March is almost over and while I intended to post this information much earlier in the month, busy-work kept me from reaching my goals. I found out early in the month that March is Women’s History Month. It began in 1981 as a week-long celebration and has received month-long recognition since 1995. Oddly, I don’t ever remember there being special studies dedicated to Women’s History Month during my school years, although we did occasionally touch briefly on important women from history throughout the year.
I wanted to be sure to emphasize the important roles women have played throughout history, so I made a point to dedicate some time and energy this month to teaching about some strong, passionate women that created change in our world, or at least left a really big mark. These are our subjects:
Clara Barton – Founder of the Red Cross; Provided supplies to doctors on the battlefield during the Civil War; Helped find missing soldiers; Fought for women’s right to vote.
Elizabeth Cady Stanton – Women’s rights pioneer; Helped women win the right to own property; Wrote an amendment to the constitution with Susan B. Anthony that would give women the right to vote – the law was written in the 1870s but was not passed until 1920, 18 years after Elizabeth’s death.
Harriet Tubman – Conductor of the Underground Railroad; Occasionally spied for the Union; Worked as a nurse in Union hospitals; Raised money to fund two schools for freed slaves; Built a home for the disabled and elderly.
Sojourner Truth – Abolitionist; Women’s rights pioneer; Met Abraham Lincoln and helped run the Freedmen’s Hospital for former slaves.
Sally Ride – First American woman in space; youngest American astronaut (32-years old);Professor at Stanford and University of California San Diego; Part time director of the California Space Institute.
Amelia Earhart – Famous female record-breaking pilot.
Helen Keller – Became blind, deaf, and mute at 18 months due to an unknown illness. With help from Annie Sullivan she learned to communicate through finger-spelling, reading lips, and eventually she learned to speak. College graduate; Worked with the American Foundation for the Blind speaking about the needs and abilities of the blind; Visited other countries to address the needs of the blind.
Mother Jones – Labor leader; Worked for fair labor, minimum wages, shorter work days, and child-labor laws.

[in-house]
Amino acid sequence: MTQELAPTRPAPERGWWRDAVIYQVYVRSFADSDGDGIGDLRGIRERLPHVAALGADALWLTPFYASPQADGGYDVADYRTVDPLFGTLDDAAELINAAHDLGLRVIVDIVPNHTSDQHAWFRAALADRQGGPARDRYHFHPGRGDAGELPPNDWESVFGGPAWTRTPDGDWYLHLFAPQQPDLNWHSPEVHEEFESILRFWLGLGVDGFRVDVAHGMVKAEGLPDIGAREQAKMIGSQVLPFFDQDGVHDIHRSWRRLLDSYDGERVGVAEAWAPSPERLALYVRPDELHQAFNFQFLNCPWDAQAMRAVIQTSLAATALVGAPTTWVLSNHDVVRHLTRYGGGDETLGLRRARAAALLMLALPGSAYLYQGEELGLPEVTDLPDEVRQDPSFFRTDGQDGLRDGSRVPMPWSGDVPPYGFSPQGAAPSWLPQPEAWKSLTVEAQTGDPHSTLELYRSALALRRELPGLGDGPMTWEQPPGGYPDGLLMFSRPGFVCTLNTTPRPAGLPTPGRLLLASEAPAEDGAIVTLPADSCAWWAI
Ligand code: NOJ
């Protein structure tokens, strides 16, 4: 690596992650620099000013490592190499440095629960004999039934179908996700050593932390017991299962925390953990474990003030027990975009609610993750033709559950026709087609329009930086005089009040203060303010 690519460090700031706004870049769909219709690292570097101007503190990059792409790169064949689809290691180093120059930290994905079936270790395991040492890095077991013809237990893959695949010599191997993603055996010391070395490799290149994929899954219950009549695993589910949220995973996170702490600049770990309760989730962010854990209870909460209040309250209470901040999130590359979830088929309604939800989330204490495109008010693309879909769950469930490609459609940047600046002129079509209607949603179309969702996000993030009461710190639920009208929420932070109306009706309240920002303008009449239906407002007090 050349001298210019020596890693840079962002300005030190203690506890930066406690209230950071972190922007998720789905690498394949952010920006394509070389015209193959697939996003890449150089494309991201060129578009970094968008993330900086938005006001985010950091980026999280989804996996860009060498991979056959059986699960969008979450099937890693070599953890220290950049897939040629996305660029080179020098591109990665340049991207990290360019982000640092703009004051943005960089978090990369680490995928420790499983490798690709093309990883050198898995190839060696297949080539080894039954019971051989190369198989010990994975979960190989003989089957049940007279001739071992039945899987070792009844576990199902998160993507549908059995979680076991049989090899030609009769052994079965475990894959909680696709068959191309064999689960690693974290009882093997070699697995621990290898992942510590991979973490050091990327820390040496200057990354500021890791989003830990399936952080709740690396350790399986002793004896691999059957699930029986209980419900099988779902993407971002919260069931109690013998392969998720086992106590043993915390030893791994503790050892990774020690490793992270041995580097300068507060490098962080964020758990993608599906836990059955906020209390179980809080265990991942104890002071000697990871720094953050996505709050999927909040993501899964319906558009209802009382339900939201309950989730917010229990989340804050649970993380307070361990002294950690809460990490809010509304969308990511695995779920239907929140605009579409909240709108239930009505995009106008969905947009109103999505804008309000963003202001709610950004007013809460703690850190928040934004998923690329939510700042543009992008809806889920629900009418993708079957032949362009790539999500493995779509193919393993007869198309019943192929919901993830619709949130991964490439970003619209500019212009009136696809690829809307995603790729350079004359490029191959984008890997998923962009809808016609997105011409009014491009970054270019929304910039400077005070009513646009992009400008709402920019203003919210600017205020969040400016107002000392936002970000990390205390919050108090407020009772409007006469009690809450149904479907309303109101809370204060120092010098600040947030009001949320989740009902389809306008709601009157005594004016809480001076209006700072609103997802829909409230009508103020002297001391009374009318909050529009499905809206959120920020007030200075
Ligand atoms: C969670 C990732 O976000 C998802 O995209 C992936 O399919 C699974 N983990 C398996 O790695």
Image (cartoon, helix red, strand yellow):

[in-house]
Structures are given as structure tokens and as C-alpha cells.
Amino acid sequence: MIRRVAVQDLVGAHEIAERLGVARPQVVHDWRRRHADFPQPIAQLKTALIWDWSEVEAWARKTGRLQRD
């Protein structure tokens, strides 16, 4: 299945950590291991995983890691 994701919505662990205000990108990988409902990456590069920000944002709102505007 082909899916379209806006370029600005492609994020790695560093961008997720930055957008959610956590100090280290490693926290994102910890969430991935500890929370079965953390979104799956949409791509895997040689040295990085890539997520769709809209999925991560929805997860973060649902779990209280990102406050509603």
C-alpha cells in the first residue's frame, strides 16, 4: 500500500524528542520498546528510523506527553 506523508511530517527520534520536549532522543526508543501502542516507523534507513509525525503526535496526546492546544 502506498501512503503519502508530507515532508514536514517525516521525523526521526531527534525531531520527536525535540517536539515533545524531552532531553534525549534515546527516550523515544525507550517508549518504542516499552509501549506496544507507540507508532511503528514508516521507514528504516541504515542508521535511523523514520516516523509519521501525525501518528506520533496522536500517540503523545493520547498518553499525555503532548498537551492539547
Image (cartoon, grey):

Jane Goodall – Animal scientist; Studied the Chimpanzees and published many findings from her research; Founded the Gombe Stream Research Center in Africa; Speaks to address the need for conservation and protection for chimpanzees.
Elizabeth Blackwell – America’s first woman doctor; Trained nurses to work in Union Army hospitals during the Civil War; Opened the New York Infirmary in 1857 and it is still in operation as the New York University Downtown Hospital; Secretly taught classes to children of slaves.
Annie Oakley – Famous female sharpshooter; performed all over the world; Friend of Chief Sitting Bull; Star of Buffalo Bill’s Wild West Show.
I made a few booklets for my son to use along with our reading. I call them “Fast Five Fact Books”. They are basically a grown-up version of the mini-books they made in kindergarten, but they require a bit more effort. He chose who to read about, then he wrote one fact per page about the subject of his reading. Also, on each page I gave him space to draw an illustration for the fact he chose to write about. Once he completed each book, we stapled it together with the cover page and he has his own books to come back and read later if he chooses. We are putting all of ours in a three-ring binder so they are easy to find. Here are the two booklets we’ve completed about famous women from history:
These include additional pages for writing and illustrating as well as a few notebooking pages with writing prompts. I also put together a set of notebooking pages about Knights and a Fast Five Fact Book for George Washington. You can download those here: